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January 25, 2019 | All Stress, All The Time

A best-selling Canadian author of 14 books on economic trends, real estate, the financial crisis, personal finance strategies, taxation and politics. Nationally-known speaker and lecturer on macroeconomics, the housing market and investment techniques. He is a licensed Investment Advisor with a fee-based, no-commission Toronto-based practice serving clients across Canada.

When the feds imposed the mortgage stress test, realtors and housing bulls scoffed. Yet more tinkering, they cried. Won’t matter!

Well, it did. In 2018 prices dropped nationally for the first time in memory. Sales have cratered in most cities, and the sales mix has altered drastically. Cheap properties have been pushed higher by increased demand while detached houses are suffering. Overall credit has been nicked by about 20% and tens of thousands of would-be first-time buyers are buyers no longer. In short, the result has been dramatic.

For example, in east-end Toronto where Dan toils as an agent, the pace of deals has crumbled. “Wow, it’s correcting , crashing, or slow because of all the snow?” he says. “Oh wait, no snow!” That’s right. Just frozen realtors.

The tale of the sales in East-end Toronto


Source: Royal LePage, Toronto Real Estate Board. Click to enlarge.

Well, it’s apparently about to get worse. Flooding through the industry on Friday was word Ottawa wants to push the stress test – which now applies only to bank mortgages – everywhere. That would include sub-prime brokers, private lenders, MICs (mortgage insurance corporations) and eventually provincially-regulated credit unions.

The reasons are obvious. Before the stress test came in, only 5% of loans were being made by private lenders who are not regulated by the feds. Now that market share has doubled. Borrowers who were rejected by the banks and couldn’t pass the test have increasingly ended up in the clutches of those who will lend money at rates of anywhere between 10% and 20% (as opposed to conventional 3.5% five-year fixed-rate mortgages). If you’ve ever seen ads for private mortgage companies willing to pay investors 6-8% annual returns, this is exactly what they are funding. High-cost loans to high-risk people, secured by residential real estate.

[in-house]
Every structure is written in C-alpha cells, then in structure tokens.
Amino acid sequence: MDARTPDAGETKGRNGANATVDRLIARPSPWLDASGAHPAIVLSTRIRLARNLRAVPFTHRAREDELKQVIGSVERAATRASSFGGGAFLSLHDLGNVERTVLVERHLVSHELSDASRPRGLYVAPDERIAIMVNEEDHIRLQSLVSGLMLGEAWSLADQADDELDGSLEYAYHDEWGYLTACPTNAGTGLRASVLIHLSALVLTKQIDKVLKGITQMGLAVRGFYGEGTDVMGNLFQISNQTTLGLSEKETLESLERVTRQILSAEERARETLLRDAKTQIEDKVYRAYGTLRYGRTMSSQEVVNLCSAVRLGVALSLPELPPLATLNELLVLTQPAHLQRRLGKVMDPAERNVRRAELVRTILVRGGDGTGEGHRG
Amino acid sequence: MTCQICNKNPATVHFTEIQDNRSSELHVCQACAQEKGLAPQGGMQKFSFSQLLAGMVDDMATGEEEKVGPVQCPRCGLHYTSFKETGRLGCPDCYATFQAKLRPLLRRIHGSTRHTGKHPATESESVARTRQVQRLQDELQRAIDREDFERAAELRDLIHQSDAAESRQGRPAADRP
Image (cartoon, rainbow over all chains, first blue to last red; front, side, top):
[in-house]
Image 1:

The fear is a deterioration in mortgage quality as risk is transferred from the banks to the alt-lenders. If the real estate market turns (and it seems to be) these lenders lack the capital reserves or the insurance to prevent collapse. The alt guys also typically lend out more money relative to a property’s value, accentuating that risk. The feds fear if things start going south, this could turn a correction into a crisis. Price declines would explode.

So the Department of Finance, the regulators and CMHC have been discussing how to make the stress test universal. Private lenders would then be forced to prove clients could pay their exorbitant rate plus another 2%, or no loan.

The impact of this, according to the mortgage industry, would be dire. In fact, says broker and blogger Rob McLister, it could deny funding to 250,000 to 350,000 families. It would be traumatic for those who own real estate, must restructure debt, can’t pass the banks’ stress test and need private money.

“One thing is clear, however. Stress testing borrowers at private lending rates, which routinely exceed 6-8%, would drastically slow such lending.

That, in turn, would result in:

  • Slowing housing demand (not necessarily a bad thing) particularly in private-heavy regions like Toronto and Vancouver
  • More rental demand, further fuelling fast-rising rental rates
  • A spike in housing supply from homeowners forced to liquidate because they can no longer consolidate their debts
  • A surge in high-interest unsecured debt
  • A drastic slowing or end of RRSP-funded private lending
  • Rising insolvencies.”

To pull this off, federal legislation would have to change, bringing private lenders under the regulator’s umbrella. Or, Ottawa could work with the provinces who oversee both MICs and credit unions, to see the stress test is adopted. Already some major CUs are operating under this assumption.

So, there ya go. More confusion.

One day Bill Morneau says Ottawa will make it easier for moisters to buy houses. The next day comes change to deny funding to even more people. Government sucks. Government blows. What a shock.

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January 25th, 2019

Posted In: The Greater Fool

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